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Introducing CEIBS Alumni from Australia & New Zealand

Volume 3, 2017

By Lei Na

February 4, 2017 earned a spot in CEIBS’ history as the day Kiwis and Aussies got their own alumni chapter. Its official name: CEIBS Alumni Chapter Australia and New Zealand.

More than 130 prestigious guests turned out for the event at the Sheraton on the Park Hotel in Sydney. Among them was the Consulate-General of China in Sydney’s education counsellor Niu Wenqi, along with esteemed CEIBS Professor of Economics and Finance Xu Xiaonian, the China Consultant for Virgin Australia Cai Yuan, CEIBS Alumni Chapter US President Cai Chengyu and Vancouver Chapter President Song Yi. CEIBS President Professor Li Mingjun delivered his congratulations via video. CEIBS Alumni Chapter Australia and New Zealand is the school’s 17th overseas alumni chapter.

The school’s alumni and alumni companies have long been actively involved in investment and trade activities in Australia and New Zealand. For example, CEIBS alumnus Song Jianmin’s Nanshan Group successively acquired Riverside Oaks Golf Resort and the 5-star hotel Pullman Sydney Airport, and also purchased a 19.9% stake in Virgin Australia. Sunshine Insurance Group led by CEIBS alumnus Zhang Weigong wholly acquired Sheraton on the Park Hotel in Sydney. The milk powder brand Nouriz, founded by CEIBS alumnus Liu Ning, has become the second best-selling New Zealand infant formula brand in the Chinese market. In this section, TheLINK introduces three alumni who have worked in or run businesses in Australia. Read on for more.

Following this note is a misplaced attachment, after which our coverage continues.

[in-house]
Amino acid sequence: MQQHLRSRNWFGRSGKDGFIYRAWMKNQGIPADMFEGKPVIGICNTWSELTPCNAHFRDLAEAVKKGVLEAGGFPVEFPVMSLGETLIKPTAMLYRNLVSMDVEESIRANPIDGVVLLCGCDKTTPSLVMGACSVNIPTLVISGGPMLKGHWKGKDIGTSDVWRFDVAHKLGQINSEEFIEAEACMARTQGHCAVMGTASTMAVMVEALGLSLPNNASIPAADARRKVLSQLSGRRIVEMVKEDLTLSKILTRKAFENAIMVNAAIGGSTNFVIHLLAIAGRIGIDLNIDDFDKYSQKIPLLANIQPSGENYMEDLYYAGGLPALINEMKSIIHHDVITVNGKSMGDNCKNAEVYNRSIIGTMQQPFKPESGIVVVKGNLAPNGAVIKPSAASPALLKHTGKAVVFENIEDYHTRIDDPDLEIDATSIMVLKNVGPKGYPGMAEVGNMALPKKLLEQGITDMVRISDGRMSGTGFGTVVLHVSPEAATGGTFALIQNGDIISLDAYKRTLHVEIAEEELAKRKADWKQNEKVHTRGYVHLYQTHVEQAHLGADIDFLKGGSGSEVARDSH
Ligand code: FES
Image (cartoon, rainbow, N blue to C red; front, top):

Zhang Feng: Expert in Farm Investment

Zhang Feng (EMBA 1999)

Oriental Agriculture Pty Ltd, Director

Union Investment Co, Ltd, Director

The President of CEIBS Alumni Chapter Australia and New Zealand Zhang Feng looks very young. But he says it’s rare for him to meet CEIBS alumni in Australia who are his seniors as he was one of the younger members of CEIBS EMBA1999 Beijing class. While studying at CEIBS, he worked at the shipping and logistics supplier COSCO Group. He used to be Secretary of the Group’s Youth League Committee. He was at COSCO for more than a decade and much of that time he focused on the investment side of the business. Nantong COSCO KHI Ship Engineering Co, Ltd is the project he is most proud of. “From 1995 to 1996, COSCO and KHI jointly established what was then the most advanced shipyard in China. It was able to build ships with extremely high technical content, including large-size container ships and tankers. The shipyard remains a pacesetter in the domestic shipbuilding industry even today,” he explained. “As the chief representative of the project from the Chinese side, I put a lot of effort into – and gained a lot of experience from – working on site selection, doing the feasibility study, negotiations, the launch of the joint venture, and the operation of the project. In hindsight I now know that being given the opportunity to shoulder such heavy responsibility in a central government-led enterprise at such a young age, I should be grateful to my then boss – the current Chairman of China Merchants Group Li Jianhong – for agreeing to let me play that role and for his trust in me.” Zhang lived up to boss’ expectations and in 1997 went on to complete another major project – Shanghai COSCO Kawasaki Heavy Industries Steel Structure Co, Ltd. His stint managing the investment and development division of COSCO Group gave him broad international perspective and laid a solid foundation for his involvement in Australian farm investment.